By Kent Gray

Triplicate staff writer

Several North Coast cities have banded together in an attempt to make changes to the Clean Water Act in the wake of lawsuits filed by an environmental watchdog group.

A resolution to seek changes to the act was unanimously endorsed by the Redwood Empire Division of the League of California Cities at their meeting in Arcata last Saturday.

What happened was the group agreed to go forward with a resolution (to address) the Clean Water Act of 1972, said Crescent City City Councilmember Mickey Youngblood, who attended the meeting on behalf of Crescent City.

This wont help with lawsuits we have now, but it might help against lawsuits in the future, he said.

The cities claim the federal Clean Water Act enables citizens to file lawsuits against municipalities which have violations in their wastewater treatment facilities, and that in California, unreasonable requirements by the state Water Quality Control Board make violations a near certainty.

The resolution was proposed at the meeting by Fortunas city manager, Dale Neiman, as that city was the first of several North Coast cities to be contacted by the environmental watchdog group, River Watch, which is based in Santa Rosa.

River Watch filed a lawsuit against Fortuna last year for violations that reportedly occurred in that citys wastewater collection system and treatment facility.

Since that time, the group has filed a lawsuit against Crescent City for similar violations, and has notified the Redwood Division cities of Eureka, Fort Bragg and Willits of its intent to file suits.

Other cities in the Redwood Division are Arcata, Clearlake, Cloverdale, Ferndale, Lakeport, Trinidad and Ukiah.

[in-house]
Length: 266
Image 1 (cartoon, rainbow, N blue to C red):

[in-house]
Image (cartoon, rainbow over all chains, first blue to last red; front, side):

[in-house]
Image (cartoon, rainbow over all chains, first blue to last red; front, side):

We recognize any changes we might make wont benefit us, Neiman said yesterday referring to the settlement Fortuna agreed to with River Watch.

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The reason we are doing this is to help other cities and community service districts so they wont go through what we did.

The resolution asks the League of California Cities to actively pursue state and federal legislative remedies for what it cites are frivolous citizen lawsuits for personal financial gain and to ensure the majority of fines or fees paid for violations are returned to the respective communities to fix the problems.

When asked about the section referring to personal financial gain, Neiman said the portion speaks for itself.

In Fortunas settlement with River Watch, about $100,000 of its costs went to River Watchs attorney, $75,000 to its own attorney, and $60,000 will be paid to the Clean Water Institute to monitor the citys sewer facility, Neiman said.

Our position is: We spent over $5 million in eight years toward fixing the very problems that River Watch raised, Neiman said. So, we needed to pay them $100,000 in attorneys fees to tell us what we already know?

Eurekas community services director, David McGinty, confirmed his city received a notice from River Watch on Feb. 5 of its intent to file suit. Eureka has been in an ongoing dialogue with the group since then.

Its rather common now with these citizen lawsuits, which is sad in a way, McGinty said, because its forcing communities to spend their money on defense instead of fixing the problems.

Mayor C. Ray Smith will be representing Crescent City at the general assembly meeting of the League of California Cities in Sacramento on Sept. 15.